AME 10:15-27 (1996)  -  doi:10.3354/ame010015

Content of carbon, nitrogen, oxygen, sulfur and phosphorus in native aquatic and cultured bacteria

Fagerbakke KM, Heldal M, Norland S

The content of carbon, nitrogen, oxygen, phosphorus and sulfur was measured in individual cells from 6 native aquatic samples and 4 samples of cultured bacteria by X-ray microanalysis using a transmission electron microscope (TEM). The molar C:N:P ratio for the pooled sample was 50:10:1. From length and width measurements of unfixed air-dried cells we estimated cell volumes over a total range of 0.0026 to 15.8 um3, and mean C:volume ratios of 30 to 162 fg um-3 for the samples included. For the marine samples we found mean N:C ratios of 0.25 to 0.28, while cells from fresh or brackish waters had mean N:C ratios of 0.17 to 0.20, indicating differences in nutrient availability. The P:C ratios for the samples analyzed varied from 0.040 to 0.090, with a pooled mean of 0.052, which is approximately twice that of the Redfield ratio for P:C. For O:C ratios we estimated a pooled mean of 0.37 and a range of 0.22 to 0.77 for all samples. We may conclude that slow-growing or non-growing cells have low O:C ratios. The mean S:C ratio for all samples was 0.031, with a range of 0.016 to 0.084 for the sample means. A general conclusion is that single-cell analyses of elemental composition give important information on the physiological conditions of cells and on possible nutrient limitations. The rationale for this is the assumption that changes in macromolecular composition are due to nutrient availability.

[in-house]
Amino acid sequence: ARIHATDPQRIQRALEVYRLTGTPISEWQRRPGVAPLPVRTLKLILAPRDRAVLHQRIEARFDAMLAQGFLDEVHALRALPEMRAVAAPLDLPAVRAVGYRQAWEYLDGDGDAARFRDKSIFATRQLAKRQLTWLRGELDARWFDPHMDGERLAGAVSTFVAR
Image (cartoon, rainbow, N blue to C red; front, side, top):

X-ray microanalysis . Carbon . Nitrogen . Oxygen . Sulfur . Phosphorus . Volume . Ratios

Full text in pdf format